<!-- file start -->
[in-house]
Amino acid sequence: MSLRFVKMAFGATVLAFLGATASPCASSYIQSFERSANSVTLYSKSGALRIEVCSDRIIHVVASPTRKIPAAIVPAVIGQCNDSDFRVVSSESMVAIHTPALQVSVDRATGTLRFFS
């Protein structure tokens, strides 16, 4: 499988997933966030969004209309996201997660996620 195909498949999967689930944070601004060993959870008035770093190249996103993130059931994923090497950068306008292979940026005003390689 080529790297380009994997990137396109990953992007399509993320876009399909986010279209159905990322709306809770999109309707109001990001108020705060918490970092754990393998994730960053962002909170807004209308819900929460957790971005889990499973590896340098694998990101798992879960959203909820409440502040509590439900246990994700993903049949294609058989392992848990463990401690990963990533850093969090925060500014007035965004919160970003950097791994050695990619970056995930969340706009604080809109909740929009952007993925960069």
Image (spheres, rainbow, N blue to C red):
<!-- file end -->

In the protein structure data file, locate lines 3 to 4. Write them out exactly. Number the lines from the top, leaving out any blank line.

């Protein structure tokens, strides 16, 4: 499988997933966030969004209309996201997660996620 195909498949999967689930944070601004060993959870008035770093190249996103993130059931994923090497950068306008292979940026005003390689 080529790297380009994997990137396109990953992007399509993320876009399909986010279209159905990322709306809770999109309707109001990001108020705060918490970092754990393998994730960053962002909170807004209308819900929460957790971005889990499973590896340098694998990101798992879960959203909820409440502040509590439900246990994700993903049949294609058989392992848990463990401690990963990533850093969090925060500014007035965004919160970003950097791994050695990619970056995930969340706009604080809109909740929009952007993925960069």
Image (spheres, rainbow, N blue to C red):